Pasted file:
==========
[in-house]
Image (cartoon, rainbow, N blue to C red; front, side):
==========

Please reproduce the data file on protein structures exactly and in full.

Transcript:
[in-house]
Image (cartoon, rainbow, N blue to C red; front, side):